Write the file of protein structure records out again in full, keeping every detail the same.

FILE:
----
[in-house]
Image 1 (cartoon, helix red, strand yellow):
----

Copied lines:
[in-house]
Image 1 (cartoon, helix red, strand yellow):